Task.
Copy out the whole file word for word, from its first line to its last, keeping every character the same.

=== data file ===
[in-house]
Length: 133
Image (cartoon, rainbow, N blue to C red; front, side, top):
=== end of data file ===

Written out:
[in-house]
Length: 133
Image (cartoon, rainbow, N blue to C red; front, side, top):